Six local figures were recognised in the New Year’s Honours list.
Olympian and World Champion shot-putter Valerie Adams was made a Dame. Triathlete Cameron Brown, health services proponent Ranjna Patel, and shareholders’ advocate Bruce Sheppard were appointed Officers of the New Zealand Order of Merit, while former hockey international Katie Glynn and table tennis champion Chunli Li were made Members of the New Zealand Order of Merit.
The Times will publish a profile of each recipient and feature a short Q&A over the coming weeks.
Ranjna Patel was appointed an Officer of the New Zealand Order of Merit (ONZM) for her service to health and the Indian community.
Winner of many awards including the Equal Employment Opportunities Trust Diversity Awards, Walk the Talk Award, 2014, Hall of Fame for Women Entrepreneurs, 2014 and Queen’s Service Medal, New Year 2009, the 61-year-old Pakuranga resident has been the driving force behind the expansion of Nirvana Health Group, one of New Zealand’s largest Primary Health networks, which she and her husband started as a sole GP practice in 1977.
The Nirvana Health Group now serves as an umbrella company for more than 30 medical clinics servicing 190,000 registered patients from predominantly lower socio-economic communities.
Mrs Patel has chaired the South Asian Leadership Group and is a member of the Counties Manukau South Asian Police Advisory Board, Commissioner’s Ethnic Focus Forum, the Middlemore Foundation Board, Kootuitui ki Papakura Trust, Global Women and Co.OfWomen.
She has taken an active role in early intervention for family violence prevention, working closely with New Zealand Police on a unique project called Ghandi Nivas, which offers counselling and temporary accommodation for family violence perpetrators.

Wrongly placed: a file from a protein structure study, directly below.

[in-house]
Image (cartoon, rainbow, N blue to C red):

She has held ministerial appointments to the national Advisory Council on the Employment of Women and the Lottery Auckland Distribution Committee.
Mrs Patel is a trustee of International Swaminarayan Satsang Organisation (ISSO) and ISSO Seva, which provides programmes for seniors, youth and the community.
The Times asked her five questions last week.
Q. Who was the first person you told about receiving this honour and why them?
A. I was quite surprised when I received the letter in September and didn’t tell anyone. My husband saw the letter and was absolutely delighted and happy for me. After I accepted, it was hard to keep the secret, but we decided not to tell anyone.
Q. What does the ONZM mean to you?
A. To me personally, it is an acknowledgment for the work I do but it is shared with all the people at Nirvana Health Group and the many communities I work with; in particular the amazing people involved with Gandhi Nivas – the Sahaayta team, New Zealand Police and Total Healthcare.
Q. Does receiving this award change anything for you, does it push you to strive for more?
A. Nothing changes on a day-to-day basis. To me the award has shown me I have been very privileged in my life to be able to serve and accomplish many different things at work, for women empowerment, for family violence and yes, it will give me the confidence to pursue other challenges.
Q. How did you celebrate the announcement?
A. We celebrated as a family for breakfast and then at the temple in the evening with about 800 people. Seeing someone in the community get an award makes everyone proud.
Q. What’s the best piece of advice you’ve received and how did you take it on board?
A. In business, my husband said, take care of the patient and the business will look after itself. With the patient at the centre of all our thinking, the business has taken care of itself. And what I have learned is values should be the core of everything you do.